China expects Tibet to celebrate Losar…or else
Taking tyranny to new levels.
“Celebrating is Compulsory”
The Chinese government has a New Year’s greeting for Tibetans: Celebrate, or else.
The Tibetan New Year, or Losar, is normally the most festive holiday of the year, when Tibetans burn incense, make special dumplings and set off fireworks. But this year, Tibetans have declared a moratorium on celebrating their own holiday, saying they will instead observe a mourning period for people killed last year during protests against Chinese rule.
Nearly a year after the violent demonstrations reportedly left more than 120 dead, Tibetans are trying a novel technique for nonviolent protest. “Say No to Losar,” as the campaign is called, was launched by Tibetan groups in Dharamsala, India, the Dalai Lama’s home in exile.
“Instead of the usual celebrations marked by singing, dancing and other festivities, silence will be observed and butter lamps will be lit in the temples and homes to pray for the deceased,” they announced in a statement last month.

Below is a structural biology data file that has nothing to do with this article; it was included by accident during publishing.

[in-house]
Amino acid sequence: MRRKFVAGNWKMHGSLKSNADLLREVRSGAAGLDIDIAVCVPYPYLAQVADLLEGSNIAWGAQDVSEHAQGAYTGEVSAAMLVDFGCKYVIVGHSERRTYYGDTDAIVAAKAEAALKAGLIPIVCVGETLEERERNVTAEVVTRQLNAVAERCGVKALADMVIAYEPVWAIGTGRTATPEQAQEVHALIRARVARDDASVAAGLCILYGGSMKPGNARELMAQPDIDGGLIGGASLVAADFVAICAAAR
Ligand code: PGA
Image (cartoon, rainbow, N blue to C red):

The tactic appears to be driving Chinese authorities crazy. They’re countering with their own campaign of forced merriment, organizing concerts, pageants, fireworks, horse races, archery competitions. They’ve declared a one-week public holiday beginning today in Tibet and are offering free admission to museums and parks.
To further tempt the 2.8 million Tibetans, state television will broadcast a four-hour gala with 800 performers Tuesday night.
“They want to show that the Tibetan people are happy, that they have returned to normal life. But by intervening, they’re making them unhappy,” said Tsering Shayka, a Tibetan historian now living in Canada. “They are trying to come up with gimmicks instead of solving the problem.”
Robert Barnett, a Tibet expert at Columbia University in New York, says that Chinese efforts to push New Year’s celebrations are likely to backfire.
“I think people will ask, ‘Why is the Communist Party telling me what to do in my own home?’ ” Barnett said.
At Beijing’s Central University for Nationalities, Tibetan students who had applied last year for permission to hold a Losar celebration informed the university recently that they wished to cancel. But the university told them that the party must go on, said a university source who asked not to be quoted by name.
“Celebrating is compulsory,” he said.